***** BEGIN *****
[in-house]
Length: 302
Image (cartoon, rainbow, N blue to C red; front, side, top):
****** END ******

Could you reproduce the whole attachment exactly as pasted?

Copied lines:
[in-house]
Length: 302
Image (cartoon, rainbow, N blue to C red; front, side, top):